• Discussions taking place within this forum are intended for the purpose of assisting you in discussing options with your vet. Any other use of advice given here is done so at your risk, is solely your responsibility and not that of this forum or its owner. Before posting it is your responsibility you abide by this Statement

Advice? - Wet Bum

Status
Not open for further replies.

Perfectpets11

Teenage Guinea Pig
Joined
Apr 11, 2014
Messages
902
Reaction score
315
Points
465
Location
Uk
Hi.
My guinea pig Chico is a 2 year old boar and I've recently noticed a few problems that I was wondering someone could help me with.
So, the other morning I went out to move the piggies from their hutch in our garage to the hutch outside and noticed that Chico's bum and lower belly was very wet. My first thought was that he had been sitting in the same spot for a long time and had been going to the bathroom multiple times. I put him outside and checked up on him late that evening and he was fine. Totally dry and eating perfectly fine. He seemed himself as well. Next morning the same thing happened again, he seemed himself but was wet again. He wasn't as wet as the previous day but he was still damp. This has kept on happening on and off for multiple days now and i was wondering what it could be? They are fed on meadow hay, a combination of burgess excel, pah and asda nuggets and they also get a few handfuls of grass each day too. They also get forage daily too. I'm really concerned as to what this could be and I don't want to leave it too long. I'm going to check on him tomorrow and if he's wet again I will probably end up taking him to the vets. I just think it's odd that he seems himself and is still eating but has a wet bum? I don't think he is squeezing when peeing either but I'll try and pay a close eye on him. Please, any advice but be appreciated! X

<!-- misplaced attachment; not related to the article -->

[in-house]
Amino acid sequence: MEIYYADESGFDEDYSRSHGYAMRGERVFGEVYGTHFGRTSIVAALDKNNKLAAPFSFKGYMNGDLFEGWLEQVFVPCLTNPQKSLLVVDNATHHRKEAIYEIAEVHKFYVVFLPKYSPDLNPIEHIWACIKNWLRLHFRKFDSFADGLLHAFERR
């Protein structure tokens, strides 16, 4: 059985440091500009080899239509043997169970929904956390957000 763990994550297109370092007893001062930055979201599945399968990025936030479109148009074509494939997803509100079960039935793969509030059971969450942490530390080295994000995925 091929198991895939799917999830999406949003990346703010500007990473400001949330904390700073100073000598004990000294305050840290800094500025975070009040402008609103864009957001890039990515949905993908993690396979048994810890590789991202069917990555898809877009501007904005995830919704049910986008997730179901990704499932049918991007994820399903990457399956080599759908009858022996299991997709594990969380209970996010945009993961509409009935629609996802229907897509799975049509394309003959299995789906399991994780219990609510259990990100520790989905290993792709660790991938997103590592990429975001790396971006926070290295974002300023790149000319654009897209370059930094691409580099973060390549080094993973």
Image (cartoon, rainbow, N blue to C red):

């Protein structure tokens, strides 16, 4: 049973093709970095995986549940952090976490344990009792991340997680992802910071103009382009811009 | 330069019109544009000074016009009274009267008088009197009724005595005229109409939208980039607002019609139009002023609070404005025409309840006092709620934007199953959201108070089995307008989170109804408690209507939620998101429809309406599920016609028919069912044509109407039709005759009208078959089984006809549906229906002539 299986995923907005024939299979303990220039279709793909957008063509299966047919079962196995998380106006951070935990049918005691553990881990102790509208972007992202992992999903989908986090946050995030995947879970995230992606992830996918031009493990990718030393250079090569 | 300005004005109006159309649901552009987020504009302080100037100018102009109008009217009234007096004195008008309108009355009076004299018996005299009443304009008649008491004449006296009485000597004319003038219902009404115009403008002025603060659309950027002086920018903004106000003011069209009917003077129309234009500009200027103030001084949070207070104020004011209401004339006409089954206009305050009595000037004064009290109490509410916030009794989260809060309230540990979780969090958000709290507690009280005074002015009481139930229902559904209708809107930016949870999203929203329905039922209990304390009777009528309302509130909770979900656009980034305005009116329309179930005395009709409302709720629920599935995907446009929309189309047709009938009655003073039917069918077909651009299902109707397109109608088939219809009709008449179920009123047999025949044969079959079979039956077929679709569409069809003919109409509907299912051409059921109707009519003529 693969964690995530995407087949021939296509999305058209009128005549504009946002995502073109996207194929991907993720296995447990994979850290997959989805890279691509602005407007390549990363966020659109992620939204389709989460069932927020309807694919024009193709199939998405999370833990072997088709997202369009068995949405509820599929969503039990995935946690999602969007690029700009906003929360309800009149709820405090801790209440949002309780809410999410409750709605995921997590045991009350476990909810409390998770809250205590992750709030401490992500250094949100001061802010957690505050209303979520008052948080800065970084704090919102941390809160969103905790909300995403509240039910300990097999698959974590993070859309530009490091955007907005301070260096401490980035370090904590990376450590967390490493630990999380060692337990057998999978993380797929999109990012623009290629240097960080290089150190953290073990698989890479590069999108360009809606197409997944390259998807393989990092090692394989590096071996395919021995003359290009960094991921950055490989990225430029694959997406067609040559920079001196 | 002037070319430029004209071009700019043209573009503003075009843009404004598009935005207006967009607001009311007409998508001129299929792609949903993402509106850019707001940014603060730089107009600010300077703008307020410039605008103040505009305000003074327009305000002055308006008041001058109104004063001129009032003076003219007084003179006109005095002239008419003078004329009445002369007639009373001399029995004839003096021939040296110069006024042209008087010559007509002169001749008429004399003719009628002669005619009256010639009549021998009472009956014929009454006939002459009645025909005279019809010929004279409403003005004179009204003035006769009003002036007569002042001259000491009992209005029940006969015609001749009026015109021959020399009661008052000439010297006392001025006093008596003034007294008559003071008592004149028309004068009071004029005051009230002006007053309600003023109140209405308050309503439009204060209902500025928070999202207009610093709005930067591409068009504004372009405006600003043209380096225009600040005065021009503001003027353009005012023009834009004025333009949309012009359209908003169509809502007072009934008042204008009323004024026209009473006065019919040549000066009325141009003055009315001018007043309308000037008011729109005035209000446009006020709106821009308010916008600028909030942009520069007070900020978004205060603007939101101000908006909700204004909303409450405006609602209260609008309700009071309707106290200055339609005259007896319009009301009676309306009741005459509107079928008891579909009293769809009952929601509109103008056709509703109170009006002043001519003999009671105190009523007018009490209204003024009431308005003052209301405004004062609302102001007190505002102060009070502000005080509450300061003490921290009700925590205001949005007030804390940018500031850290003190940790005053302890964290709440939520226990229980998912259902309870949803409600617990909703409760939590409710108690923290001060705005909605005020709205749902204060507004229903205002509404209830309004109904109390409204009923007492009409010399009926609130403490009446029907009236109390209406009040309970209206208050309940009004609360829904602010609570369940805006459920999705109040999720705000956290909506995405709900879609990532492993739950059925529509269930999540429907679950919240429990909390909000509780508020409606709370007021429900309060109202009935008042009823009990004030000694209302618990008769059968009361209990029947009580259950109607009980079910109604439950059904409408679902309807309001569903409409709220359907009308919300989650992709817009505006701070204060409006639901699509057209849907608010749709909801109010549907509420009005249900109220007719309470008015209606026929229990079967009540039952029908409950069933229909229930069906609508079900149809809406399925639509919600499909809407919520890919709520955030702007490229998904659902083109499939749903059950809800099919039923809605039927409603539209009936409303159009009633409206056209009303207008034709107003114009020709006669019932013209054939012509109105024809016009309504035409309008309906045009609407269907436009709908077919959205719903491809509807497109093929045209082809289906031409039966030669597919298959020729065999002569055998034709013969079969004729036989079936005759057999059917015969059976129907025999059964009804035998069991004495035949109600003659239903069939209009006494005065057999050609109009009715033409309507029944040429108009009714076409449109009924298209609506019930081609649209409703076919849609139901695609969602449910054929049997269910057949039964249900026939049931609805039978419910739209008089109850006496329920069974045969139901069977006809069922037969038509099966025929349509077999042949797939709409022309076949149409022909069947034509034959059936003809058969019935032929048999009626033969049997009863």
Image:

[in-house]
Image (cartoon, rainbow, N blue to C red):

Perfectpets11

Teenage Guinea Pig
Joined
Apr 11, 2014
Messages